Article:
If you've been watching the game as long as you say you have, then you know the changes in the sport which favor the offense.
You would also consider the system Phil played in, his supporting cast, as well as the conditions at Giants Stadium.
Guys that started in the mid 80s:
All of the above are over 58 percent completions for their careers. Phil was at 55.4, which is also higher than a lot of good players. I just think stats are an Importent tool that I will always look at when analyzing players, like I said, they do not tell the whole story but to discount them completely seems like cutting of your nose to spit your face, but to each their own
[QUOTE=Roosevelt;593545]If you've been watching the game as long as you say you have, then you know the changes in the sport which favor the offense.
I do take those things into consideration, but do not think that means you can not use stats from that time period for arguments sake. There have been things that both players have dealt with, Eli has worked with a good amount of different players on the offense, has had the playing style of the offense change, and if you really want to get serious, the difference in the athletic abilities of players from the 80s to the 2000s, as well as the quality of the defenses from each time period. The argument to discount stats is just something I disagree with, would you buy a stock without looking at a companies history?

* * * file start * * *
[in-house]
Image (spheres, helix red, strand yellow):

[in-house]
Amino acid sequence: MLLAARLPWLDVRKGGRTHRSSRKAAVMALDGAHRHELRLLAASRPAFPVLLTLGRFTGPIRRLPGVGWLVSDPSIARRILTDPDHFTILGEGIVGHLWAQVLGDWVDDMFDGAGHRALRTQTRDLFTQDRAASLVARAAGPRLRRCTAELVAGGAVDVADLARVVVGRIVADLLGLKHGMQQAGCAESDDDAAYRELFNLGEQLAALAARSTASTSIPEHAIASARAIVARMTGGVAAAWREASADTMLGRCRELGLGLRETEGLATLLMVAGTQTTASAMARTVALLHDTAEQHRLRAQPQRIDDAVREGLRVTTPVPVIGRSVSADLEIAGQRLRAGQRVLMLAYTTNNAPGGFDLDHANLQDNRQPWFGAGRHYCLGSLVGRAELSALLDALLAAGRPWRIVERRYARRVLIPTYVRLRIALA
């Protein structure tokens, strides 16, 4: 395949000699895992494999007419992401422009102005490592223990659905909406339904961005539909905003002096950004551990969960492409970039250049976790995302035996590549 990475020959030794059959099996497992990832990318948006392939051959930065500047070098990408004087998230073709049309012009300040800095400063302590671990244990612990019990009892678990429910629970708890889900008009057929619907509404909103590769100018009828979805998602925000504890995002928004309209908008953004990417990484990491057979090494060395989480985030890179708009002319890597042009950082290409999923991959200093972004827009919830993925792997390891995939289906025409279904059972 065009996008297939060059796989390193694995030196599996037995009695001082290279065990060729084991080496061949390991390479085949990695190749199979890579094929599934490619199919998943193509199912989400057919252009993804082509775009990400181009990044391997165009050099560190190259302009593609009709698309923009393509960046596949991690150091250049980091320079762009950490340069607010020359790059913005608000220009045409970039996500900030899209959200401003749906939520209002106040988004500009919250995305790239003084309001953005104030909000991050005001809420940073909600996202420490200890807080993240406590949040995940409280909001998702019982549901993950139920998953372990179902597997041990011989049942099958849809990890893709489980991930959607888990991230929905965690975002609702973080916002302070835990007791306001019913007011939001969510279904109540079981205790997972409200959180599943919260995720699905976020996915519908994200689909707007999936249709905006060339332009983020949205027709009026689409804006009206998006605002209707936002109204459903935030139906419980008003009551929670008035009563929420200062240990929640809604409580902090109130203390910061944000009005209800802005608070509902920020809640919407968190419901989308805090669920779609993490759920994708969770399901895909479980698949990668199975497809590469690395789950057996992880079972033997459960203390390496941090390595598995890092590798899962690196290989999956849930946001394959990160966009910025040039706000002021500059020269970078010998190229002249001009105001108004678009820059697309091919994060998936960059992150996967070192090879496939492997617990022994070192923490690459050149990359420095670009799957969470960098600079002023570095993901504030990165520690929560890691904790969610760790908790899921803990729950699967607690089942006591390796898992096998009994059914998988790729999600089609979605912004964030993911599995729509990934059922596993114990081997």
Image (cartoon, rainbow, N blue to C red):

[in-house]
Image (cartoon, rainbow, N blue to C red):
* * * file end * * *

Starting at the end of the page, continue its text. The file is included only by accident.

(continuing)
No one in Packer land was ever questioning whether or not Rodgers was great.
The QBR rating is a joke! Plz don't anyone else bring that up!
We made it, 100 pages on why Eli is a better QB then Simms!
There really is no way to accurately relay a qb performance on paper, too many intangibles go into each play to accurately map out with stats, but they do play in important roll in the analysis of players. Some of the things that are hard to map out are; pass protection, if there was any miscommunication setting the play, if everyone heard, understood, and reacted correctly to audibles being called at the line, protection changes at the line, if routes are ran correctly, if a throwing lane is there, and then all of the things the defense are doing. The one thing that I dislike the most abut it is that it gives no credit to certain plays even if there were multiple offensive formations used in previous plays to set the d up for a simple screen, or a quick throw, something that takes advantage of the formations the d is using, and the rating system certainly has a problem with the way the analysis works, because it could be subjective to the person who is looking at each game.